Regulating designer babies<p>On a policy level, there are many open questions about how governments might legislate a world with designer babies. But it's not totally new territory, considering the West's dark history of eugenics experiments.</p><p>In the 20th century, the U.S. conducted multiple eugenics programs, including immigration restrictions based on genetic inferiority and forced sterilizations. In 1927, for example, the Supreme Court ruled that forcibly sterilizing the mentally handicapped didn't violate the Constitution. Supreme Court Justice Oliver Wendall Holmes wrote, "… three generations of imbeciles are enough." </p><p>After the Holocaust, eugenics programs became increasingly taboo and regulated in the U.S. (though some states continued forced sterilizations <a href="https://www.uvm.edu/~lkaelber/eugenics/" target="_blank">into the 1970s</a>). In recent years, some policymakers and scientists have expressed concerns about how gene-editing technologies could reanimate the eugenics nightmares of the 20th century. </p><p>Currently, the U.S. doesn't explicitly ban human germline genetic editing on the federal level, but a combination of laws effectively render it <a href="https://academic.oup.com/jlb/advance-article/doi/10.1093/jlb/lsaa006/5841599#204481018" target="_blank" rel="noopener noreferrer">illegal to implant a genetically modified embryo</a>. Part of the reason is that scientists still aren't sure of the unintended consequences of new gene-editing technologies. </p><p>But there are also concerns that these technologies could usher in a new era of eugenics. After all, the function of a designer baby industry, like the one in the "Genetic Pressure" series, wouldn't necessarily be limited to eliminating genetic diseases; it could also work to increase the occurrence of "desirable" traits. </p><p>If the industry did that, it'd effectively signal that the <em>opposites of those traits are undesirable. </em>As the International Bioethics Committee <a href="https://academic.oup.com/jlb/advance-article/doi/10.1093/jlb/lsaa006/5841599#204481018" target="_blank" rel="noopener noreferrer">wrote</a>, this would "jeopardize the inherent and therefore equal dignity of all human beings and renew eugenics, disguised as the fulfillment of the wish for a better, improved life."</p><p><em>"Genetic Pressure Volume I: Baby Steps"</em><em> by Eugene Clark is <a href="http://bigth.ink/38VhJn3" target="_blank">available now.</a></em></p>
A leading British space scientist thinks there is life under the ice sheets of Europa.
- A British scientist named Professor Monica Grady recently came out in support of extraterrestrial life on Europa.
- Europa, the sixth largest moon in the solar system, may have favorable conditions for life under its miles of ice.
- The moon is one of Jupiter's 79.
Neil deGrasse Tyson wants to go ice fishing on Europa<div class="rm-shortcode" data-media_id="GLGsRX7e" data-player_id="FvQKszTI" data-rm-shortcode-id="f4790eb8f0515e036b24c4195299df28"> <div id="botr_GLGsRX7e_FvQKszTI_div" class="jwplayer-media" data-jwplayer-video-src="https://content.jwplatform.com/players/GLGsRX7e-FvQKszTI.js"> <img src="https://cdn.jwplayer.com/thumbs/GLGsRX7e-1920.jpg" class="jwplayer-media-preview" /> </div> <script src="https://content.jwplatform.com/players/GLGsRX7e-FvQKszTI.js"></script> </div>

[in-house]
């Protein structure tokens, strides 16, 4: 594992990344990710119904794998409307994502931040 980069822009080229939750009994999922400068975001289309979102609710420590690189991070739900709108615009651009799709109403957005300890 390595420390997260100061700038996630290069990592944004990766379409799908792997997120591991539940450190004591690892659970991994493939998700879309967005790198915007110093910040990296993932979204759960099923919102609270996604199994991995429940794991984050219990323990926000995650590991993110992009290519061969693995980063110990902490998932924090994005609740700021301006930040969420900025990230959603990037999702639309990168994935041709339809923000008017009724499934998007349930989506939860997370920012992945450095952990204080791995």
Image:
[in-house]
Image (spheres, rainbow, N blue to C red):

Water Vapor Above Europa’s Surface Deteced for First Time<span style="display:block;position:relative;padding-top:56.25%;" class="rm-shortcode" data-rm-shortcode-id="9c4abc8473e1b89170cc8941beeb1f2d"><iframe type="lazy-iframe" data-runner-src="https://www.youtube.com/embed/WQ-E1lnSOzc?rel=0" width="100%" height="auto" frameborder="0" scrolling="no" style="position:absolute;top:0;left:0;width:100%;height:100%;"></iframe></span>
A unique exoplanet without clouds or haze was found by astrophysicists from Harvard and Smithsonian.
- Astronomers from Harvard and Smithsonian find a very rare "hot Jupiter" exoplanet without clouds or haze.
- Such planets were formed differently from others and offer unique research opportunities.
- Only one other such exoplanet was found previously.
Munazza Alam – a graduate student at the Center for Astrophysics | Harvard & Smithsonian.
Credit: Jackie Faherty
Jupiter's Colorful Cloud Bands Studied by Spacecraft<span style="display:block;position:relative;padding-top:56.25%;" class="rm-shortcode" data-rm-shortcode-id="8a72dfe5b407b584cf867852c36211dc"><iframe type="lazy-iframe" data-runner-src="https://www.youtube.com/embed/GzUzCesfVuw?rel=0" width="100%" height="auto" frameborder="0" scrolling="no" style="position:absolute;top:0;left:0;width:100%;height:100%;"></iframe></span>
Scientists discover burrows of giant predator worms that lived on the seafloor 20 million years ago.
- Scientists in Taiwan find the lair of giant predator worms that inhabited the seafloor 20 million years ago.
- The worm is possibly related to the modern bobbit worm (Eunice aphroditois).
- The creatures can reach several meters in length and famously ambush their pray.
A three-dimensional model of the feeding behavior of Bobbit worms and the proposed formation of Pennichnus formosae.
Credit: Scientific Reports
Beware the Bobbit Worm!<span style="display:block;position:relative;padding-top:56.25%;" class="rm-shortcode" data-rm-shortcode-id="1f9918e77851242c91382369581d3aac"><iframe type="lazy-iframe" data-runner-src="https://www.youtube.com/embed/_As1pHhyDHY?rel=0" width="100%" height="auto" frameborder="0" scrolling="no" style="position:absolute;top:0;left:0;width:100%;height:100%;"></iframe></span>
The idea behind the law was simple: make it more difficult for online sex traffickers to find victims.